Paloma Herrera

Prima ballerina.

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Paloma Herrera was born in Buenos Aires, Argentina, and began her training at the age of seven with the legendary Olga Ferri. She graduated with the highest qualification at the Superior Art Institute at Teatro Colón, and her rise in the ballet world proved meteoric. In January 1991, having just turned 15, Herrera moved to New York to continue her studies at the School of American Ballet, where she was given the lead role in George Balanchine’s Raymonda Variations for its annual workshop. Only six months later, she joined the American Ballet Theatre (ABT). She was promoted to soloist two years later, and became, at age 19, the youngest principal dancer in ABT history. Her retirement awaits, in a few scant months’ time.

Herrera is enthused about a return to the stage in Vancouver, dancing in the Goh Ballet Company’s presentation of The Nutcracker. “As you can imagine, is a very special time for me now that I will retire near the end of 2015. So, that is why I’m so happy to go back and dance in Vancouver, a ballet that I love, and with Anna-Marie’s production, completely new for me. But that is my way, always, until the very, very end, keeping my career fresh, exciting, with new experiences and with no limits.” She refers to Anna-Marie Holmes, choreographer of this year’s Nutcracker: “I have worked with Anna-Marie many times, for La Corsaire, since she came very often to the ABT to stage it. I also worked with her in her production of Raymonda for ABT. I love all of her works. I always had an amazing time dancing her ballets and it is always special working with her.”

Herrera knows of what she speaks; her career has been stellar. She has performed as guest artist with the most important international companies: New York City Ballet, Mariinsky Ballet, Kremlin Ballet, Tokyo Ballet, Teatro alla Scala, among many others. She has danced with ballet’s most accomplished dancers, as well: Julio Bocca, José Manuel Carreño, David Hallberg, Maximiliano Guerra, and Ethan Stiefel, to name but a few.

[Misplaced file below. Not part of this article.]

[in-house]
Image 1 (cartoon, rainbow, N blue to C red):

The Nutcracker still has its own unique appeal for her: “Nutcracker is a ballet that I love dancing. The music is just incredible.” Leslie Dala, conductor of the Vancouver Opera Orchestra, who will be performing the live score for these performances, says, “The Nutcracker score is a magical one that is brimming full of gorgeous music that is so fantastic you never tire of performing it or listening to it. Tchaikovsky’s music is so inspired; it really captures the essence of this fantastical story which is brought to life with the most beautiful movements from these outstanding young dancers.” Herrera continues: “I have had the opportunity to dance many different versions of this work during my career. So that has been beautiful, to experience new points of view of a ballet that I like so much. It is always so fresh and new to me.”

So as Tchaikovsky and the Goh Ballet work their magic, it will be impossible not to be riveted by Herrera, in her final Vancouver performance, as the Sugar Plum Fairy. That will be an evening to remember.

Goh Ballet performs The Nutcracker from December 18–22 at the Centre in Vancouver.

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December 3, 2014